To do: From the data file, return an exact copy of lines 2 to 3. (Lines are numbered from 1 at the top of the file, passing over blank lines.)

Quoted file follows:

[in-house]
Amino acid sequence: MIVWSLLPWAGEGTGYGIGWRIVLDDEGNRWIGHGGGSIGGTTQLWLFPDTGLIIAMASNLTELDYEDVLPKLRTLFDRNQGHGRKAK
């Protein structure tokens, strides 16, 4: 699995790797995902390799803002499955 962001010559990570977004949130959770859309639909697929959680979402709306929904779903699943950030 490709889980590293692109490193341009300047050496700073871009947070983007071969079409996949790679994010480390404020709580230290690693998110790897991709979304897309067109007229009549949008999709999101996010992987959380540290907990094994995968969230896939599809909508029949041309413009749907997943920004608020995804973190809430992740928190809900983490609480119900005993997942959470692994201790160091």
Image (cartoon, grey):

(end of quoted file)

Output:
Amino acid sequence: MIVWSLLPWAGEGTGYGIGWRIVLDDEGNRWIGHGGGSIGGTTQLWLFPDTGLIIAMASNLTELDYEDVLPKLRTLFDRNQGHGRKAK
């Protein structure tokens, strides 16, 4: 699995790797995902390799803002499955 962001010559990570977004949130959770859309639909697929959680979402709306929904779903699943950030 490709889980590293692109490193341009300047050496700073871009947070983007071969079409996949790679994010480390404020709580230290690693998110790897991709979304897309067109007229009549949008999709999101996010992987959380540290907990094994995968969230896939599809909508029949041309413009749907997943920004608020995804973190809430992740928190809900983490609480119900005993997942959470692994201790160091």